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Chiefs show unusual strength, earn second win of the season one day after Belcher tragedy

Doug Farrar
Shutdown Corner

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Setting aside for a moment the events surrounding the obvious and tragic incidents that weighed heavy on the Kansas City Chiefs this last weekend -- and that's in no way meant to minimize them -- the team's 27-21 victory over the Carolina Panthers can be seen as a specific triumph of the spirit. One day after linebacker Jovan Belcher shot and killed his girlfriend, Kasandra Perkins, and then took his own life, the remaining Chiefs players took the field after unanimously deciding to play and put forth their best performance of the season.

They did so with heavy hearts -- for their former teammate, for Perkins, and for the 3-month-old baby left orphaned by Belcher's horrific actions. They did so in a half-empty stadium with subdued fans, and trying to get their second win of a lost and brutally disappointing season.

Quarterback Brady Quinn completed 19 of 23 passes for 210 yards, two touchdowns and no interceptions. Jamaal Charles ran 27 times for 127 yards. Quinn threw to eight different receivers, redeeming himself to some small degree in a career that has been marked by nothing but disappointment. And the Chiefs defense manned up, limiting Panthers quarterback Cam Newton to 15 completions and 232 yards on 27 attempts.

Newton did throw three touchdown passes, and the usually dormant Panthers rushing attack put up 165 total yards on 22 carries. Cornerback Brandon Flowers and linebacker Derrick Johnson -- the team's two best defensive players -- were lost to hamstring injuries.

But given the pall surrounding the game, and the emotions not yet processed, it's amazing the Chiefs could function at all.

"We wanted to play the game because we're football players," Johnson said after the game. "We love the game of football. When something happens like this, what we're going to be doing is sitting around three or four hours when we're supposed to be playing just thinking about the tragedy that went on?"

[Related: Chiefs try to make sense of the impossible after Belcher suicide]

Again, this is not to trivialize what happened to Kasandra Perkins, or to her daughter. And nobody would be expected to sympathize or empathize with the Chiefs players, coaches and staff if they felt more than a tinge of sadness for their fallen teammate, because Belcher fell at his own hand and took another life with him. But when the Chiefs decided to band together as human beings and try to climb out of the wreckage with this game, nobody would have been surprised if they went out on the Arrowhead Stadium field and played as if their thoughts were elsewhere.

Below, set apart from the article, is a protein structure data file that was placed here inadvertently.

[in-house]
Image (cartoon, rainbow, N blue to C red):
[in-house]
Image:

Instead, they did what so many praised the Penn State football program for doing after the Jerry Sandusky scandal -- they played as well as they possibly could, and did their best to extract a measure of strength and human dignity in the wake of events that can't be explained or washed away.

"Knowing that it's not over today, it will still go on tomorrow and the next day and the next day, but life is going to go on as well," head coach Romeo Crennel said. "After we leave here, we'll still work through the tragedy we had to endure yesterday."

And for that, as much as we look to sports for the best in ourselves at the worst of times, the Kansas City Chiefs can be seen in a different light -- if we choose to see them that way.

Now, for all involved, it's back to the real story, and an achingly long list of questions that need to be answered.

"We don't want her to be overshadowed by who he was. ... She deserves recognition, too," one of Kasandra Perkins' friends told the Kansas City Star. And that is absolutely correct.

[Slideshow: Carolina Panthers vs. Kansas City Chiefs pregame]

Perkins needs to be remembered, and nobody knows what will become of her daughter. The Chiefs need to address that situation, and by all accounts, a team fund will be set up. The NFL must do more to ensure that players feel comfortable reaching out for counseling if and when it's needed. And the remaining Chiefs, from the bottom of the 53-man roster to the top of the front office, have a long and hard emotional journey ahead of them.

But for three hours on a Sunday afternoon, they were victorious. It's one step forward on a seemingly infinite journey.

Related Jovan Belcher coverage on Yahoo! Sports
Chiefs score on opening drive for first time this season
Jovan Belcher's conflicting portrait reveals a hard-working young man
Former Belcher teammate writes about Chiefs tragedy
Deaths in K.C. are latest in tragic year for the NFL

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